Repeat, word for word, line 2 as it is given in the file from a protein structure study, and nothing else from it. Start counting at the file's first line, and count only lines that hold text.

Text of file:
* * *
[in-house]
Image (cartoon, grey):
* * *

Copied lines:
Image (cartoon, grey):